macular degeneration

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makula dejenerasyonu
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A disease of the retina of the eye resulting in loss of central vision
One of the most common causes of decreased vision after age 60 Usually evident as a loss of pigment from pigment epithelium and deposits of yellowish material in the sub-pigment epithelial layer in the central retinal zone
= the leading cause of blindness for people over the age of 50; and eye disease that results from damage to the macula
When macular degeneration is complicated by abnormal blood vessel growth (the wet form), lasers can destroy the vessel and reduce the chance of further visual loss
A hereditary condition in which the cones in the central part of the retina degenerate
Degeneration of the photoreceptors in the macula or central region of the retina This area of the retina is responsible for central vision, used for reading, seeing faces, and so on Often associated with aging See Age-related Macular Degeneration in Eye Care Encyclopedia
an age-related deterioration of the central retina (macula) Macular degeneration can occur in either a dry form or wet form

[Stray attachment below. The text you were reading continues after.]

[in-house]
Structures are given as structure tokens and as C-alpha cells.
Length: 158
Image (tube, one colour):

-the macula is the small area in the retina of the eye, 3 to 5 millimeters in size, that provides the sharpest and clearest vision The macula can degenerate with the aging process, perhaps due to oxidation The fatty acid DHA is present in large amounts in the retina
degeneration of the cells of the macula lutea which results in blurred vision and can cause blindness; usually age-related
Eye's disease caused by abnormal growth of blood vessels in macula area The new blood vessels are very fragile, start to bulge, leak blood & fluid, lifting the retina off its membrane & ultimately leading to blindness
loss of vision due to wear and tear or damage to the macula There are two types: dry-type and wet-type, so called as the latter is caused by fluid flooding Occasionally, dry-type degeneration can lead to wet-type
Macular degeneration (AMD) is the result of degeneration of the macula, the central part of the retina that is responsible for seeing detail clearly It is the leading cause of vision loss in people over 50, and affects one-quarter of the aging population It's estimated that 13 million people in the U S and as many as 40 million people worldwide have signs of macular degeneration Every year, over 400,000 Americans are diagnosed with a severe form of macular degeneration, leading to functional blindness
A deterioration of the central part of the retina, which causes difficulty in seeing details clearly
The macula is the central part of the retina that enables you to read and see straight ahead (central vision) The cause is unknown Although macular degeneration can occur in children and young adults, it is more common in older person Fortunately, in macular degeneration, peripheral vision is not affected, and thus a person with macular degeneration does not face total blindness If you have macular degeneration you are usually able to move about unaided, but may find reading, close work, or distinguishing distant objects difficult or even impossible (Palin 7)